Reconciliation Better than Independence
Anglican clergyman and educator William Smith wrote a series of public letters in
1776 under the name “Cato” in reply to Thomas Paine’s Common Sense.
We have already declared ourselves independent, as to all useful purposes, by
resisting our oppressors upon our own foundation. And while we keep upon this
ground, without connecting ourselves with any foreign nations, to involve us in
fresh difficulties and endanger our liberties still further, we are able, in
our own element (upon the shore), to continue this resistance; and it is our
duty to continue it till Great Britain is convinced (as she must soon be) of
her fatal policy, and open her arms to reconciliation, upon the permanent and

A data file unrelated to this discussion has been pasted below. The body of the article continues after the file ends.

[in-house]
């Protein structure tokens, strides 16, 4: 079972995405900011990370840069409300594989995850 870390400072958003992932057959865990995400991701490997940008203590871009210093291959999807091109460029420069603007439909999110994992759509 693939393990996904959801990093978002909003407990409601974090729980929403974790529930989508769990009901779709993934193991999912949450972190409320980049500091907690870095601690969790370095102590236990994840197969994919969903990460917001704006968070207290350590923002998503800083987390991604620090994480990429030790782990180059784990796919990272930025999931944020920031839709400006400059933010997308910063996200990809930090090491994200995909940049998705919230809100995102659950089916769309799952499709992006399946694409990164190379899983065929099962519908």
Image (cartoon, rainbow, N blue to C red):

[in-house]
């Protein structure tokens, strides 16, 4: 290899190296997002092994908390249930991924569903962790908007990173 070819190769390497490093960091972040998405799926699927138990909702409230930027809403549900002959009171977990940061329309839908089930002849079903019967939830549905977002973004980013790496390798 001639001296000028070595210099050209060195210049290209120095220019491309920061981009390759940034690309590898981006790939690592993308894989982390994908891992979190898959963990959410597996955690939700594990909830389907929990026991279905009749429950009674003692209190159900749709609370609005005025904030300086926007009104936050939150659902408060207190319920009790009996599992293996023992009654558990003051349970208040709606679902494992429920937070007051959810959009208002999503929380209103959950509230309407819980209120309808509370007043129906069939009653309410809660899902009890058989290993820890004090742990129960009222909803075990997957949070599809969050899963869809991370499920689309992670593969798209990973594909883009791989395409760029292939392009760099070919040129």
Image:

sure footing of mutual interests and safety.
Upon such a footing, we may again be happy. Our trade will be revived. Our
husbandmen, our mechanics, our artificers will flourish. Our language, our
laws, and manners being the same with those of the nation with which we are
again to be connected, that connection will be natural; and we shall the more
easily guard against future innovations. Pennsylvania has much to lose in this
contest and much to hope from a proper settlement of it. We have long
flourished under our charter government. What may be the consequences of
another form we cannot pronounce with certainty; but this we know, that it is a
road we have not traveled and may be worse than it is described.
Source: Teresa O’Neill, ser. ed., Opposing Viewpoints: The American Revolution,
American History Series (San Diego: Greenhaven Press, 1992), p.151.